Statistics with Probability

Tagged: ,

You must be logged in to reply to this topic.

  • Author
  • #12594

    Ezra Halleck

    A mystery student asked about bins and how to calculate them. When creating a histogram, you must subdivide evenly the range (the interval from the lowest data value to the highest) into smaller intervals. You want to balance several competing interests. One is the number of bins, which may be specified, but generally should be between 5 and 10.The other is readability. Having an interval start and stop say on 1.85 and 1.90 is better than 1.93 and 1.97. One equation that you should have in mind is:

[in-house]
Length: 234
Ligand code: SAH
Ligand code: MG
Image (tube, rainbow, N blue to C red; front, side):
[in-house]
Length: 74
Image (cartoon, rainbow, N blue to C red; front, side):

#bins * bin size =(roughly) range (thought of as a number).

    For example if your range (as an interval) is [3,21], then the range (as a number) is 18 (or 19 if you are dealing with just integers). If your bin widths are 5, then the cutoffs are 5,10,15,20,25 for a total of 5 bins, with width 5. However, perhaps a better choice would be 4,6,8,10,12,14,16,18,20,22, for a total of 10 bins with width 2. These are the extremes. Bin widths of 3 and 4 would also work and in fact, are more likely to be better choices.

Viewing 1 post (of 1 total)

You must be logged in to reply to this topic.